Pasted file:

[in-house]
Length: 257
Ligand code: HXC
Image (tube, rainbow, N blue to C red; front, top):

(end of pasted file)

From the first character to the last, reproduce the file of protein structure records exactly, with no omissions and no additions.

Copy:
[in-house]
Length: 257
Ligand code: HXC
Image (tube, rainbow, N blue to C red; front, top):